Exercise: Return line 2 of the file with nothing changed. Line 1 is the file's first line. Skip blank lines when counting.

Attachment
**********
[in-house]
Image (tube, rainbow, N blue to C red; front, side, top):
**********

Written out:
Image (tube, rainbow, N blue to C red; front, side, top):